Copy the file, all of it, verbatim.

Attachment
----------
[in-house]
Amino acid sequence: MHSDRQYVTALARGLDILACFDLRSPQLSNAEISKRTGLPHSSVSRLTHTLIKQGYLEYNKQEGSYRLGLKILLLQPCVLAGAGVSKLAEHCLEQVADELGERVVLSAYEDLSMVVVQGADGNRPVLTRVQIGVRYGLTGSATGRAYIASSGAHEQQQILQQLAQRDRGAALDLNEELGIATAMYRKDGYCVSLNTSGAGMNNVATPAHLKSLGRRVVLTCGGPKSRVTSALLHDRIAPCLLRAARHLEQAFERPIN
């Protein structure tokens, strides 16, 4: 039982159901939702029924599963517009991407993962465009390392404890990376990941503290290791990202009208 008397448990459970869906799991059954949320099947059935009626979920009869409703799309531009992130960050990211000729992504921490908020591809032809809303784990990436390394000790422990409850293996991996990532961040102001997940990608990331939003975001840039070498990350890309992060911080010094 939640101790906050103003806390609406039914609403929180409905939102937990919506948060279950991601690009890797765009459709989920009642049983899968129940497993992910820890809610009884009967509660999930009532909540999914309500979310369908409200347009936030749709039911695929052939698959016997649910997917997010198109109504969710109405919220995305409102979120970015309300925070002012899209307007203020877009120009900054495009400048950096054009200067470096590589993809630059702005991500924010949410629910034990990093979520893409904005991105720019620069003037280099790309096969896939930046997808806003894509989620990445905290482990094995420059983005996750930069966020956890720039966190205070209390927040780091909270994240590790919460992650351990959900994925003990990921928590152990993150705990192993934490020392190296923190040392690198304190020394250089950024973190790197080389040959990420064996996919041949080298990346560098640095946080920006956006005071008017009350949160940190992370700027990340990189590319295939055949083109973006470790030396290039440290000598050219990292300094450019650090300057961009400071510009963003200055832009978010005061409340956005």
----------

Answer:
[in-house]
Amino acid sequence: MHSDRQYVTALARGLDILACFDLRSPQLSNAEISKRTGLPHSSVSRLTHTLIKQGYLEYNKQEGSYRLGLKILLLQPCVLAGAGVSKLAEHCLEQVADELGERVVLSAYEDLSMVVVQGADGNRPVLTRVQIGVRYGLTGSATGRAYIASSGAHEQQQILQQLAQRDRGAALDLNEELGIATAMYRKDGYCVSLNTSGAGMNNVATPAHLKSLGRRVVLTCGGPKSRVTSALLHDRIAPCLLRAARHLEQAFERPIN
């Protein structure tokens, strides 16, 4: 039982159901939702029924599963517009991407993962465009390392404890990376990941503290290791990202009208 008397448990459970869906799991059954949320099947059935009626979920009869409703799309531009992130960050990211000729992504921490908020591809032809809303784990990436390394000790422990409850293996991996990532961040102001997940990608990331939003975001840039070498990350890309992060911080010094 939640101790906050103003806390609406039914609403929180409905939102937990919506948060279950991601690009890797765009459709989920009642049983899968129940497993992910820890809610009884009967509660999930009532909540999914309500979310369908409200347009936030749709039911695929052939698959016997649910997917997010198109109504969710109405919220995305409102979120970015309300925070002012899209307007203020877009120009900054495009400048950096054009200067470096590589993809630059702005991500924010949410629910034990990093979520893409904005991105720019620069003037280099790309096969896939930046997808806003894509989620990445905290482990094995420059983005996750930069966020956890720039966190205070209390927040780091909270994240590790919460992650351990959900994925003990990921928590152990993150705990192993934490020392190296923190040392690198304190020394250089950024973190790197080389040959990420064996996919041949080298990346560098640095946080920006956006005071008017009350949160940190992370700027990340990189590319295939055949083109973006470790030396290039440290000598050219990292300094450019650090300057961009400071510009963003200055832009978010005061409340956005």